SAN FRANCISCO (AP) — Computer chip giant Intel Corp. injected some vigor into the listless technology industry with fourth-quarter results that outstripped expectations.
The Santa Clara-based company earned $1.05 billion, or 16 cents per share, more than double its profit of $504 million, or 7 cents per share, at the same time in the previous year. A $75 million tax benefit generated by several Intel divestitures helped to fatten the 2002 profit.
The earnings released Tuesday topped the consensus estimate of 14 cents per share among analysts polled by Thomson First Call.
The showing reflected much stronger demand for Intel's chips than management anticipated at the outset of the quarter. The company registered fourth-quarter sales of $7.16 billion, a 3 percent increase from $6.98 billion in the prior year.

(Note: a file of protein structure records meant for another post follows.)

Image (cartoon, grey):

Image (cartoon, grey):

The revenue topped the consensus estimate of $6.9 billion.
While pleased with the quarter, Intel management emphasized there still are no signs pointing to a high-tech revival.
"We are doing all the right things, but what I can't tell you is when things will really start to pick up," Andy Bryant, Intel's chief financial officer, said in an interview.
Intel's pleasant surprise may help to deepen the conviction that the worst is over in high-tech, setting the stage for brighter times during the second half of 2003.
"That's about all we can hope for at this point," said industry analyst Eric Rothdeutsch of Friedman, Billings, Ramsey.